|From||United States of America|
|Birth||17 April 1885, Olympia, Thurston County, Washington, USA|
|Death||4 September 1969, Olympia, Thurston County, Washington, USA (aged 84 years)|
Margaret McKenny (April 17, 1885 - August 1969) was an American landscape architect, naturalist, activist, and writer who was referred to as the "Grand Dame" of Northwest mushrooming.
Born in Olympia, Washington, she was a child of General Thomas I. McKenny, who served as a General in the Civil War as well as Indian Agent for Washington Territory. Her mother was Cynthia Adelaide, and she was an only child.
Education and Career
After attending local schools in Olympia, McKenny attended one of the few schools of landscape architecture open to women students at the turn of the century called the Lowthorpe School in Groton, Massachusetts. While attending Lowthorpe, she joined the Boston Mycological Club, creating a pathway to become a nationally-recognized mycologist. After moving back to Olympia, McKenny operated a Montessori school from 1913 to 1919.
In 1919, she moved to New York City and worked for the Garden Club of America and the New York City Gardens Club as a landscape architect, among other organizations. In addition to writing for the New York Botanical Garden, she also became a staff member of the Nature Lore School at the American Museum of Natural History.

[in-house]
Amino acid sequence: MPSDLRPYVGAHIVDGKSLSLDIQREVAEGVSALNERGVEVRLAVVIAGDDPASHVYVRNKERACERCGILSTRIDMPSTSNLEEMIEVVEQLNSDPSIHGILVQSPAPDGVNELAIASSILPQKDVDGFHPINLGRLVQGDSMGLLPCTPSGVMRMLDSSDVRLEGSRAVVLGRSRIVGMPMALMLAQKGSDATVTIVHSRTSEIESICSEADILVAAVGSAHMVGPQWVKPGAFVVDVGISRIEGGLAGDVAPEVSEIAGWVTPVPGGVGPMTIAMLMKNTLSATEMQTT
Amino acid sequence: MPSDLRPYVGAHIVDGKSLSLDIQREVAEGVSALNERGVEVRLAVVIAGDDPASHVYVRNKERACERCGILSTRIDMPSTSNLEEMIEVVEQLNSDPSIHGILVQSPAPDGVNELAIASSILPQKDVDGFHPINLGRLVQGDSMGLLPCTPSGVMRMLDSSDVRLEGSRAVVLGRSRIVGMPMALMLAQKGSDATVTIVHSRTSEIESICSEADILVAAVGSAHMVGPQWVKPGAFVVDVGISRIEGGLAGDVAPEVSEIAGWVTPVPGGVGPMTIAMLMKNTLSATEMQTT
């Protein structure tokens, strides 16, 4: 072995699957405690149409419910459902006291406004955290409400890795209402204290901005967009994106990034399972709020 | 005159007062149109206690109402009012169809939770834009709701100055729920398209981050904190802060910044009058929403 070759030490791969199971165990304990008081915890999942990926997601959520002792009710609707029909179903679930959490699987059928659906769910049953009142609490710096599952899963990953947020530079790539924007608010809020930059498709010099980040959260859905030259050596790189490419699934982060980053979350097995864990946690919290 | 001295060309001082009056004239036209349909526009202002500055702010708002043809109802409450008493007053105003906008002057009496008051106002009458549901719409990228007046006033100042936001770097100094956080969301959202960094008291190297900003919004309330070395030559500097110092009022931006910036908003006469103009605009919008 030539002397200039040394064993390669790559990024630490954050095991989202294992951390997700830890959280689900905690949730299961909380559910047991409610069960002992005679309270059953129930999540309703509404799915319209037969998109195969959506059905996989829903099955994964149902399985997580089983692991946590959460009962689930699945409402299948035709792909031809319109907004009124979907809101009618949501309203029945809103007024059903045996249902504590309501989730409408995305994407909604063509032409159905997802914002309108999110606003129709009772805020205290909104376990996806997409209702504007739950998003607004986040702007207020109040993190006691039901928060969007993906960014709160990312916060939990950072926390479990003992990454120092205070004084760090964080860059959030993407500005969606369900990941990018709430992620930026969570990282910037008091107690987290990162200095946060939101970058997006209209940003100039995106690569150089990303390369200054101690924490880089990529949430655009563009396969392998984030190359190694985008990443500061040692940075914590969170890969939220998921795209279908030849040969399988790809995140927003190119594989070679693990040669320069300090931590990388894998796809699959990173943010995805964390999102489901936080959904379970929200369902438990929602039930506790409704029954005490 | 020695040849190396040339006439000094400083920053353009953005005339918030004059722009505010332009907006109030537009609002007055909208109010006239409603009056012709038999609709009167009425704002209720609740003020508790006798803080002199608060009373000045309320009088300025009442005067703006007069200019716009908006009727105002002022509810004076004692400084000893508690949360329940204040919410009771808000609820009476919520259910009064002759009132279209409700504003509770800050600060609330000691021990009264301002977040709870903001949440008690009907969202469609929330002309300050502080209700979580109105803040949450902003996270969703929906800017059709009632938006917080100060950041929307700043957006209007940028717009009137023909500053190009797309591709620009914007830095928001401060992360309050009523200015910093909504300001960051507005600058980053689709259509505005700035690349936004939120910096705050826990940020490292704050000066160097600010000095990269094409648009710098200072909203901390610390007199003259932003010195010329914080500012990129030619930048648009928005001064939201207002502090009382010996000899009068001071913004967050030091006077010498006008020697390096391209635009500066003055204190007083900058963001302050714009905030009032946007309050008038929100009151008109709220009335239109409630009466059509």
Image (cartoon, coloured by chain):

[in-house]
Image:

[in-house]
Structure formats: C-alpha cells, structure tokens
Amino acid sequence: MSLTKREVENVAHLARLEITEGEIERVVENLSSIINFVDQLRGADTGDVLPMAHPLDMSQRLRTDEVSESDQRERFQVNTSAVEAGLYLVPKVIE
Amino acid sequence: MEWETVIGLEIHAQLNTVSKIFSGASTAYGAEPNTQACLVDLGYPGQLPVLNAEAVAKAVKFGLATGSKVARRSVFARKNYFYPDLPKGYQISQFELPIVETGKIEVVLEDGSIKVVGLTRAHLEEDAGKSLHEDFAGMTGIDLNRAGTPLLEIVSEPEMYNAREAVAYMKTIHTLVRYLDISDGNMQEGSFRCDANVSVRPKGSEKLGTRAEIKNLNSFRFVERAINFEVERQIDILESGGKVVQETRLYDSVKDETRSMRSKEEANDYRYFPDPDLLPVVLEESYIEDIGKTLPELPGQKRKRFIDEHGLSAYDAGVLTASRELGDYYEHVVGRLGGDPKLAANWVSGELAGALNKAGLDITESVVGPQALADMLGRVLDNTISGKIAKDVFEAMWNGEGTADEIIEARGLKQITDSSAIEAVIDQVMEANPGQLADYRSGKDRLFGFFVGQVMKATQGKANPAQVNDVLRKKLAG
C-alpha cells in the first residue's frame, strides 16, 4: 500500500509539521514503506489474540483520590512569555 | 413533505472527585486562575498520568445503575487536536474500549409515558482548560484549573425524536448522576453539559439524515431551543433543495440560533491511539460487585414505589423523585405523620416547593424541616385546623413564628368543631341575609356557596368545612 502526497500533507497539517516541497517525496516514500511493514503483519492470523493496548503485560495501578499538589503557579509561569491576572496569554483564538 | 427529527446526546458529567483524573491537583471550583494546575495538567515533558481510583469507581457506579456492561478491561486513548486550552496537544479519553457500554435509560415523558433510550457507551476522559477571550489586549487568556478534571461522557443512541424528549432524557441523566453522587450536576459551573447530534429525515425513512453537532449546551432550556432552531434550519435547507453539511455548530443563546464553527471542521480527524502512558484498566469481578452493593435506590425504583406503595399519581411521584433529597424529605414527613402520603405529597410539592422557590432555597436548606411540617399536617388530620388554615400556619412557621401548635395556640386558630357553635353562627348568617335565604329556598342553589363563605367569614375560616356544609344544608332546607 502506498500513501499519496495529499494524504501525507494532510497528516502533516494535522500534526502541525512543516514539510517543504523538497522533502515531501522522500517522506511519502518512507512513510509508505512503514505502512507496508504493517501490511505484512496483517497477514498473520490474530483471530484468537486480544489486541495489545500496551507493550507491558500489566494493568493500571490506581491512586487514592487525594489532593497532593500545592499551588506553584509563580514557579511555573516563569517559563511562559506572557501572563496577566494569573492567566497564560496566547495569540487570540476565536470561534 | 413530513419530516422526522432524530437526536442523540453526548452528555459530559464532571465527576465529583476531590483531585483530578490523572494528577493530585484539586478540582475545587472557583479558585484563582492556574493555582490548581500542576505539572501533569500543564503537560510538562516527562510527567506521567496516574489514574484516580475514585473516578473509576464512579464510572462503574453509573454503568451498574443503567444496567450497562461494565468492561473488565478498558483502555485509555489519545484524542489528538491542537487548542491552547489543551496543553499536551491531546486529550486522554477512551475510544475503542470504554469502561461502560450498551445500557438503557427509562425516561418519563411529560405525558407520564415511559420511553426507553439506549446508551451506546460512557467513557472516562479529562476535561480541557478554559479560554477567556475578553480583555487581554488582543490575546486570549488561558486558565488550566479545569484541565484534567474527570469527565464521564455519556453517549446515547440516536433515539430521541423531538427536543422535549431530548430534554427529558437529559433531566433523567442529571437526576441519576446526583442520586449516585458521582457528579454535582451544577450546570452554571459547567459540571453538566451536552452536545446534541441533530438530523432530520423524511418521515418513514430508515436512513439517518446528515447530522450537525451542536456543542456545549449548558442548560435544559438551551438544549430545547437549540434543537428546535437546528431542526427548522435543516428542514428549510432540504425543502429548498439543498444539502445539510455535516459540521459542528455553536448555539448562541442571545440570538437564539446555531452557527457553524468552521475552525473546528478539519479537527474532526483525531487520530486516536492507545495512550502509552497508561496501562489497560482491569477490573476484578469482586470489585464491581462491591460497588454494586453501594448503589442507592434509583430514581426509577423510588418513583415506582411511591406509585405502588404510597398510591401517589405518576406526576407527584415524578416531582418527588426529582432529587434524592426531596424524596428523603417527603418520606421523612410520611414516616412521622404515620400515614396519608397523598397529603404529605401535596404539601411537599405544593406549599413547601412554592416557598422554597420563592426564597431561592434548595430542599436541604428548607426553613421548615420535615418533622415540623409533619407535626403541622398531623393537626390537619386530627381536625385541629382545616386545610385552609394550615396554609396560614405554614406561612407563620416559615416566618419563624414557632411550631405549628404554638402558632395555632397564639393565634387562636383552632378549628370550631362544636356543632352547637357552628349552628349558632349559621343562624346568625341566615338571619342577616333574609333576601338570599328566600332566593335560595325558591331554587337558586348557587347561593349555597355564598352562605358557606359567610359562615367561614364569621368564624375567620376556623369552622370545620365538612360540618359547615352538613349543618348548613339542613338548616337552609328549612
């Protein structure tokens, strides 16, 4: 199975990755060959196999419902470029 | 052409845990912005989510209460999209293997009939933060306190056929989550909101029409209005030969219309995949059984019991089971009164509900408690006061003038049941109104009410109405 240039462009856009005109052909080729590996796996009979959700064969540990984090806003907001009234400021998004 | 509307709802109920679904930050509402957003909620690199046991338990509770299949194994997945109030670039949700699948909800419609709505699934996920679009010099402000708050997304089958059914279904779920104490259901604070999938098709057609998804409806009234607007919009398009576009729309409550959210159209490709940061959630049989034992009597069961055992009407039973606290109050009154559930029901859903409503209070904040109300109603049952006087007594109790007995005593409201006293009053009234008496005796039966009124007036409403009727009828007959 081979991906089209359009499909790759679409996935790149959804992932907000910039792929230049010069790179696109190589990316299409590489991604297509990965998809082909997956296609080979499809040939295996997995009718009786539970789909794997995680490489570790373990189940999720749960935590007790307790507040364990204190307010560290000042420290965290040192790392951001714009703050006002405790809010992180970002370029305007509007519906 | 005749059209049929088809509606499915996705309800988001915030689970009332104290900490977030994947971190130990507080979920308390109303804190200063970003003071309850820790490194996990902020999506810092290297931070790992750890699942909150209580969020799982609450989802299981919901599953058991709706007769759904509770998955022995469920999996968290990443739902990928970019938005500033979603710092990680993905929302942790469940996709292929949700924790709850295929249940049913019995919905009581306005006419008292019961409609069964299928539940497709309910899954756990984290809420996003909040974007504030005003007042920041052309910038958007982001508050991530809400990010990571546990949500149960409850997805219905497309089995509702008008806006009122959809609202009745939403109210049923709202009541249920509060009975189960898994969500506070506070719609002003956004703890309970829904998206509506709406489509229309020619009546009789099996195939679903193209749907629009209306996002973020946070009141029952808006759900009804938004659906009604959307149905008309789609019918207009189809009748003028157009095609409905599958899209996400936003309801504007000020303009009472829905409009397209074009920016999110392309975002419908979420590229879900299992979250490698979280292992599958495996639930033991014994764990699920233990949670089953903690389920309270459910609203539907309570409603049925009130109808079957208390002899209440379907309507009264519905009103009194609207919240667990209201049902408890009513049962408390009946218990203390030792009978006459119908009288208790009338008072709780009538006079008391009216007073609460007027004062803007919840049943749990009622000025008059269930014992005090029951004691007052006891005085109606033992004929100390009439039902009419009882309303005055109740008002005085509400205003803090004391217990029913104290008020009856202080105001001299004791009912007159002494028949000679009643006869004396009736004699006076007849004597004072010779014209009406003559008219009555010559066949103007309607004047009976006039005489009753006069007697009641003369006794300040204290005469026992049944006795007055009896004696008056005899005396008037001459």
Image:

McKenny returned to Olympia in 1943. Among other jobs, she worked as official photographer for the Washington State Parks Commission.
McKenny led several efforts to preserving local open spaces in Olympia from private development. Those locations include Sylvester Park in the downtown core of the city, which is included in the listing for the Olympia Downtown Historic District. Another notable success is Watershed Park, a 153-acre temperate rainforest in the central core of the city. McKenney founded a group called "Citizens of the Future" which circulated a petition to save the park from development, and was ultimately successful because of a trial in the Washington Supreme Court.
McKenny is also credited with being "Among the first to articulate the need for the Nisqually River" delta in an era when the Port of Tacoma considered dredging the delta for a deepwater harbor and the City of Seattle considered putting a garbage dump there. In the longterm, McKenny's activism resulted in the establishment of the Billy Frank Jr. Nisqually National Wildlife Refuge.
In addition to several other organizations, McKenny is credited with founding the Olympia Audubon Society.
The Olympia School District named Margaret McKenny Elementary School in her memory; the Washington State Department of Natural Resources named the Margaret McKenny Campground in Capitol State Forest for her; and the Olympia City Council named the Margaret McKenny Park for her.